Top Three Home Renovations to Complete Before You Move In

Top Three Home Renovations to Complete Before You Move In

Tackle some of your home improvement projects before you get settled into your new house.

You’ve just bought your dream home. Now’s the time to add some personal touches to make it your own, like painting the interior walls and installing new flooring. Most people complete these home renovations right when they get a new home. In fact, 53% of homebuyers took on a home improvement project within three months of buying, according to the 2013 Profile of Buyers’ Home Feature Preference report, put out by the National Association of Realtors (NAR).

Why not get started before you move in? An empty house means your furniture won’t be in danger of spilled paint or other damage — plus you or your contractors can take advantage of an open space. And most importantly, you and your family can limit exposure to renovation dust and odors that can be hazardous to your health.

So, as tempting as it is to move in right away, try tackling these three home improvement projects before the moving trucks show up.

  1. Painting Walls
    Changing the color of the rooms in your home is a simple project that can personalize your home for little cost. But take precautions, warns Michael Anschel, owner of Otogawa-Anschel Design + Build and CEO of Verified Green Inc., a green consulting and training company, both based in Minneapolis.
    Unless you use low- or no-VOC paints, he explains, you are polluting the indoor air with volatile organic chemicals — such as benzene or formaldehyde — that you really don’t want to breathe in.
    “There’s a low-level smog that’s a byproduct of most paints,” Anschel says.
    Low- or no-VOC paints are available in many colors and price points, so making them a priority is easy.
  2. Kitchen and Bathroom Remodeling
    Remodeling the kitchen is a priority for 47% of homeowners when moving into a new home, and 44% update the bathroom, according to the NAR report. There are many simple ways of personalizing and revitalizing outdated looks, like adding new appliances, countertops and vanities, changing out fixtures and hardware, or replacing or refacing the cabinets.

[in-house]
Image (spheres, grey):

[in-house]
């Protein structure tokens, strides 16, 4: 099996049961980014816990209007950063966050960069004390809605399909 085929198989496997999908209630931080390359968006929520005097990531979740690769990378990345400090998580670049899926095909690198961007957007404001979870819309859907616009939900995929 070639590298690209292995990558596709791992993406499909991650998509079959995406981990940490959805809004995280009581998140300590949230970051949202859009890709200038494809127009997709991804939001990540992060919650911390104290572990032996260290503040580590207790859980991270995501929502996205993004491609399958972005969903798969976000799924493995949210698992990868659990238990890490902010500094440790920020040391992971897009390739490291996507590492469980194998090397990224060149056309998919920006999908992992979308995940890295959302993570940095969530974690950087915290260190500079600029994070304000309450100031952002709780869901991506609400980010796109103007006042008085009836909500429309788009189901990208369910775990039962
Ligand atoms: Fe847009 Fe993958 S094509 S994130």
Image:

But if you’re going to install new or refaced cabinets and you’re going to finish them on site, make health a priority. The formaldehyde used in cabinet glues will be released into your home (what’s known as “off-gassing”) for a long time, so choose cabinets labeled NAUF, which means “no added urea formaldehyde,” Anschel suggests.
    During finishing, contractors and homeowners should properly ventilate the house and wear a National Institute for Occupational Safety and Health (NIOSH) respirator — “not just a bandana,” he adds.
  3. Flooring Installation & Refinishing
    In a new-to-you home, you might be lucky enough to find something salvageable underneath that old carpeting. But in many cases, the floor will need to be refinished. If you do it yourself, take precautions when prepping, sanding and applying the new finish. Open all the windows and put up barriers to contain dirt and debris for easy cleanup.
    Note that a water-based finishing system will produce significantly less smog than an oil-based system, which will off-gas for six months to a year, Anschel says. A water-based system, on the other hand, may off-gas for only 48 hours.
    If you’re looking for a rustic matte finish, try a Rubio Monocoat, he suggests. “It’s a floor finishing system that has no VOCs and is very durable.”
    If you opt for installing new carpet, be aware that it actually gives off a lot of fumes. “It’s one of the big nasties when it comes to off-gassing,” Anschel says. Look for wool as opposed to synthetics and a floor underlayment with low VOCs. If the house already has carpet, be sure to get it professionally cleaned (you don’t even want to think about the dead skin cells and mites that might be lurking within).

Moving can be stressful enough — make it less complicated by getting some of your home improvement projects out of the way before all the boxes and furniture get in the way.

Source:Sears Home


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